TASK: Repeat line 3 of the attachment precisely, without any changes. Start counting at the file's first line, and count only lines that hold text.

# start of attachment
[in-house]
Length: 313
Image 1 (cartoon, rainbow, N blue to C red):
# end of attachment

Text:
Image 1 (cartoon, rainbow, N blue to C red):